Today, we are mastering a life skill: Oven Baked Bacon. At the end of this post, not only will you know how to make bacon that turns out impeccably cooked and uniformly crisp every single time, but you’ll also proudly refer to yourself as a bacon perfectionist.
The secret to perfect fried bacon is that it isn’t fried; it’s baked.
Cooking bacon in the oven is the method most restaurants use, and it is foolproof.
Ever wonder how your favorite brunch or burger spot achieves those flat, thick, and magically crisp bacon slices? I’d wager my last piece that the bacon is baked.
Oven baked bacon is easier to make, healthier, and produces better results than fried bacon (unless we’re talking about Air Fryer Bacon, of course).
Baked bacon is one of those rare culinary situations where the method that yields a superior result (baked bacon) is actually easier than the conventional method (pan frying).
An oven-safe rack allows the heat to circulate evenly around the bacon, a key component of bacon excellence.
Baked bacon is hands-free to make, quick to clean up, and won’t splatter you with hot grease while you stand at the stove to babysit it. Thee best way to cook bacon truly is in the oven!
Ready to dive into how to cook perfect baked bacon? Let’s do it!
Is It Healthier to Bake Bacon?
Here are a couple of reasons why it is better to cook bacon in the oven than on the stove:
- One of the great things about baking bacon using this specific method is that the grease from the bacon drips off and is collected below the rack, which means it stays off your bacon and out of your body.
- Another step I take to make my oven baked bacon healthier is patting off any remaining grease with a paper towel. This further reduces the amount of fat left on each slice. As a bonus, this also makes the bacon crispier too.
While baked bacon is arguably healthier than fried bacon, it is still bacon. Enjoy it in moderation as one tasty component of a balanced diet. Whenever we have bacon, I like to serve it with other lean proteins, fruits, whole grains, or vegetables to make a complete meal.
How to Make Oven Baked Bacon
Let’s take a closer look at how to cook bacon in the oven.
Cooking bacon in the oven allows you to make large batches of bacon at once, with every slice evenly cooked and crisp.
It’s also safe to put bacon in the oven. If you know how to cook bacon on the stove, then you know that it requires time spent over the skillet, lots of flying grease, and a mess to clean up afterward. With this easy method, you can cook bacon in the oven without the risk of splattering yourself and with almost no mess.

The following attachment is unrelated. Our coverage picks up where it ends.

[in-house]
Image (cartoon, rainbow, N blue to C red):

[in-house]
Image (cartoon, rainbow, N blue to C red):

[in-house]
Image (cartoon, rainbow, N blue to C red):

The ONLY Ingredient
- High-Quality Bacon. This might sound obvious, but I can’t overstate its importance: the better quality of bacon you buy, the better your final baked bacon will taste. I promise it’s worth it!
I like to purchase my bacon from the butcher counter at the grocery store. It’s usually only a dollar or two more than the pre-packaged stuff, but the taste is remarkably better.
Thickness wise, I like to go for the thick cut bacon (no wimpy bacon here!). It’s easier to layer onto to sandwiches, makes more of an impact when sprinkled on salads, and is extra satisfying when munched on its own.
For flavor, bacon that is applewood smoked is always delish, but I’d argue that quality stands out more than any particular bacon flavor or finish.
- Line a large, rimmed baking sheet (I swear by this one) with foil. Set an oven-safe rack on top of the foil. Most cooling racks (like this one) are also oven safe and can double for baking also.
- Spray the rack with nonstick spray for an extra layer of protection to keep the bacon from sticking. Arrange the slices in a single layer.
- Pop the pan into a 400 degree F oven, and try to be patient as your kitchen fills with the tantalizing aroma of freshly cooked, hot bacon.
- Remove the bacon once it has reached your desired level of crispiness. You can devour it directly off the rack, but I like to pat it dry with paper towels first. Removing the excess grease will keep it crispy for longer, whether you eat it right away or save it for another use.
Tips for Perfect Oven Baked Bacon
- Bake at 400 Degrees F. Some recipes recommend baking bacon at 425 degrees F, 375 degrees F, or starting the bacon in a cold oven, but I found that a preheated 400 degrees F is the best temperature for baking bacon. It cooks the bacon evenly no matter its thickness and the bacon won’t splatter.
- Use a Rack. Not only does the rack make the bacon healthier, but it also helps make it crispy and evenly-cooked. Make sure to spray the rack with nonstick spray first so the bacon doesn’t stick. If you don’t own an oven-safe rack and are wondering how to cook bacon in the oven without a rack, all you need to do is cook the bacon directly on the aluminum foil.
- Know When Your Bacon is Bad. There are a few general rules of thumb to follow.
- If your bacon is in its original sealed package, you can go by the expiration date listed on the package. If you’ve already opened the package, make sure to cook up the bacon within 1 week of opening to be safe. (Confession: I’ve used bacon more than 1 week after it’s been opened, but the comfort level is up to you.)